Chatsworth, CA - The Additive Manufacturing Users Group (AMUG) has named the recipients of its awards for technical skill, which were presented at the 26th annual users group conference (Tucson, AZ).
During the annual Awards Banquet, the association named the winners of the 2014 Technical Competition, which recognizes excellence in additive manufacturing applications and skill in finishing additive manufacturing parts.
A panel of industry veterans selected Carlos Bolanos and Gary Rabinovitz, both of Reebok International, as the winners in the advanced applications category. Their submission demonstrated the application of additive manufacturing throughout the five-year development effort for Reebok CHECKLIGHT—a wearable technology that visually indicates cranial impacts that may have caused concussions.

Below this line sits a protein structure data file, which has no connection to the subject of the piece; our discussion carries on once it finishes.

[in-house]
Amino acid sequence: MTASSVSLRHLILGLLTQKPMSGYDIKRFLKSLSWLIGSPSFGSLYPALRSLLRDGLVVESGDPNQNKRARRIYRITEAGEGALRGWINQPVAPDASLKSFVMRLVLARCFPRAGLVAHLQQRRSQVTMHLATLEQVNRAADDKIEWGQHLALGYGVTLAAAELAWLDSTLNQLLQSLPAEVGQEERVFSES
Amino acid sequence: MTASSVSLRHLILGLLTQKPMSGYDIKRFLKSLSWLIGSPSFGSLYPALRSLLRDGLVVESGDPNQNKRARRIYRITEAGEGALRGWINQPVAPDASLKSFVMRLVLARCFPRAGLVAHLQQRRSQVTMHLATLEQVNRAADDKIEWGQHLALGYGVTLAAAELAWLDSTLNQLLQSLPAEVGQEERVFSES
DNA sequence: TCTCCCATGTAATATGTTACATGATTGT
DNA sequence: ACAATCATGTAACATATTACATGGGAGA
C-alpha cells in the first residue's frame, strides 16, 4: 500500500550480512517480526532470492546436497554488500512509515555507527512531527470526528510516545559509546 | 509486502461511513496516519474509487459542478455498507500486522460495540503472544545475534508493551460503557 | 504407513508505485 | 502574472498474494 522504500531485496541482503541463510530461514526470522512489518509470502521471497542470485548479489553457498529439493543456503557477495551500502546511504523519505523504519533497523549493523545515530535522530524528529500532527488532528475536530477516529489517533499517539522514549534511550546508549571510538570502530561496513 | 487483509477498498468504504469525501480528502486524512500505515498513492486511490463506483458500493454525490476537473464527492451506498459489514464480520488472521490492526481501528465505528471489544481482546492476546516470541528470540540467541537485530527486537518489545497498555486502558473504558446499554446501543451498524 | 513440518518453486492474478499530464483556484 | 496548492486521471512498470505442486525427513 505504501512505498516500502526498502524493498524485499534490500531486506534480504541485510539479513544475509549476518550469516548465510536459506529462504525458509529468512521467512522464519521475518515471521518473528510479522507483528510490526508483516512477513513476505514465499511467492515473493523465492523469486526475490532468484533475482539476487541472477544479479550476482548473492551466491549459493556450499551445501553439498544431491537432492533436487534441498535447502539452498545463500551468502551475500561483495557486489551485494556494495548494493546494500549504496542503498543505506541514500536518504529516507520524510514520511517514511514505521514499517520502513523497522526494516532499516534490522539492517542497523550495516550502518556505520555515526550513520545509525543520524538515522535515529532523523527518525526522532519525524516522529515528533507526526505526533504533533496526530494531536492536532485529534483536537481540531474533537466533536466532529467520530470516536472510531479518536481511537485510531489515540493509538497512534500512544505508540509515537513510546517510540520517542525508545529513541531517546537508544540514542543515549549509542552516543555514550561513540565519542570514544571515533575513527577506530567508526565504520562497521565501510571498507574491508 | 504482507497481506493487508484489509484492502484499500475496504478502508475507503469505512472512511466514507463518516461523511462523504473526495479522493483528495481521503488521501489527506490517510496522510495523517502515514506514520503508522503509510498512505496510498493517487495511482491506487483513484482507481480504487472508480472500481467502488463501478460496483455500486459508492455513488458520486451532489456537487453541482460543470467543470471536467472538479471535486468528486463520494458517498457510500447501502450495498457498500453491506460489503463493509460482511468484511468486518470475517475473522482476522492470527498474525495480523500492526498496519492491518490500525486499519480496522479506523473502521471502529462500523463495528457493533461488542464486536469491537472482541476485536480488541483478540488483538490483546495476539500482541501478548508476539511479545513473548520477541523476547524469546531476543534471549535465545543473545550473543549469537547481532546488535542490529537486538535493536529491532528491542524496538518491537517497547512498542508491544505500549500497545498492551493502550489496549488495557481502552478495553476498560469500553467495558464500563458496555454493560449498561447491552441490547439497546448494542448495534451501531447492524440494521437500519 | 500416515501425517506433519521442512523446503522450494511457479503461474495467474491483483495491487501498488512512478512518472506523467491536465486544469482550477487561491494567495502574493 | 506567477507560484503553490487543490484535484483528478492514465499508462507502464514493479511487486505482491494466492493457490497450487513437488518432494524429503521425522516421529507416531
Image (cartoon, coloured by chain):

The same panel selected Mike Littrell, president of C.ideas, as the winner in the advanced finishing category. Littrell’s submission, titled The Perfect Choice, was a two-fifths-scale 1927 Miller 91 race car created entirely from additive manufacturing parts that were painted, textured, plated, vacuum-metalized, and decorated to match designer Bill Gould’s vision. Littrell’s company used four technologies to make the components: fused deposition modeling (FDM), selective laser sintering (SLS), stereolithography (SLA), and PolyJet. Littrell has also published a http://youtu.be/K1zV8JMwrvs video that documents the Miller 91’s construction.
Eric Mutchler, project engineer at Solid Concepts, took the runner-up award in both categories for its 3D-printed metal gun. Mathew Olney, on behalf of the Nike Rapid Prototyping Lab, accepted the third-place award in advanced finishing for the full-size, anatomically correct human leg and foot. Littrell also received the third-place award in advanced concepts for the 1927 Miller 91 race car.
The five judges were Steve Deak, Larry Monahan, Gideon Levy, Graham Tromans, and Bob Dzugan. Each was a past recipient of AMUG’s Distinguished Innovator Operator (DINO) Award.